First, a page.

Quote of the Day: "The greatest and noblest pleasure which men can have in this world is to discover new truths; and the next is to shake off old prejudices." -- Frederick II, King of Prussia (1712-1786)
The following is provided as an educational service of the Downsize Foundation. We saw this piece at one of our favorite blogs, Cafe Hayek.
Professor Boudreaux's open letter to Rush Limbaugh corrects numerous mistakes made by Donald Trump during an interview on Limbaugh's show. This is exactly the kind of thing we love, and that we think you will value. Professor Boudreaux presents a huge amount of powerful information in a very tight package. Enjoy . . .
Mr. Rush Limbaugh
New York, NY
Dear Mr. Limbaugh:
During your radio interview yesterday of Donald Trump, you missed several opportunities to ask probing questions -- questions that would have exposed the sheer ignorance that underlies The Donald's economic pronouncements. For example:
"Donald, you say that America 'doesn't make things any more.' Are you unaware that, in 2009 (the latest year for which we have data), the value of U.S. manufacturing output was nearly 30 percent higher than that of China, the world's second-ranking country in terms of manufactured output?"
"Donald, why do you ignore the fact that over the ten-year span 2000 through 2009, the total amount of foreign direct investment received by China was $686 billion, while the total amount of FDI received by America was 162 percent higher at $1,799 billion? How, exactly, do you square these investments with your hysterical claims that the U.S. economy is being battered by foreign trade?"
"Donald, you complain about America's trade deficit. Do you realize that another name for 'trade deficit' is 'capital-account surplus'? Do you understand that every cent of the U.S. trade deficit is a cent of foreign savings invested in American assets - investments that increase the amount of productive capital at work in America? Do these investments hurt Americans?"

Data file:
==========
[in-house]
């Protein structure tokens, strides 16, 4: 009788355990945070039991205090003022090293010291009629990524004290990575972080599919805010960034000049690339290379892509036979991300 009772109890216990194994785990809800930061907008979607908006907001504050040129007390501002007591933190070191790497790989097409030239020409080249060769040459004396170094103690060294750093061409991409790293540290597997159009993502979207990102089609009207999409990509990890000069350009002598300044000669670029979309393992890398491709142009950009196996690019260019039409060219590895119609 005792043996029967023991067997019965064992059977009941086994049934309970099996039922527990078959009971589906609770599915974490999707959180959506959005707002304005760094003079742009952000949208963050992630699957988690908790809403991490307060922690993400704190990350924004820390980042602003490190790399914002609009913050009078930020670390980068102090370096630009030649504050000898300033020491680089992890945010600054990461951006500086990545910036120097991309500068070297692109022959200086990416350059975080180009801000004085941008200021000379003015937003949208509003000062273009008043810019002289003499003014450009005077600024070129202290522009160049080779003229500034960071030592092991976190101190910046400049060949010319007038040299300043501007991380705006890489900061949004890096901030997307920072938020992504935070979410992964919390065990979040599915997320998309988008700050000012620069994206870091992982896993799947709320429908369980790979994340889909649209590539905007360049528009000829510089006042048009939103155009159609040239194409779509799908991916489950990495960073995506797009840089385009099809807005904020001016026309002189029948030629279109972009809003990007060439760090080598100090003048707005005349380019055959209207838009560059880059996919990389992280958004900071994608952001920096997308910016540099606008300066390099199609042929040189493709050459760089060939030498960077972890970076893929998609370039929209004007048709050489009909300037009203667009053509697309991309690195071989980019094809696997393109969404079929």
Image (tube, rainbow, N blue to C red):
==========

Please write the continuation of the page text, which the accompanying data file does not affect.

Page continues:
"Donald, you endlessly repeat that 'no one respects America any more.' What do you mean? If you're referring to our military, perhaps any decline in respect is a product of the fact that our troops and guns have too often been sent to accomplish goals that troops and guns are unfit to accomplish. If you're referring to the U.S. economy - while you're right that Uncle Sam's fiscal diarrhea certainly is a problem that must be fixed - the strength and resiliency of our economy is surely respected worldwide, else why are all of those foreigners investing their savings in America more so than in any other country? Are foreigners dissing us with these investments?"
"Donald, am I correct in guessing that one reason you want to be a politician is that you're fond of making grand pronouncements on matters that you know absolutely nothing about?"
Donald J. Boudreaux
Professor of Economics
George Mason University
Fairfax, VA 22030
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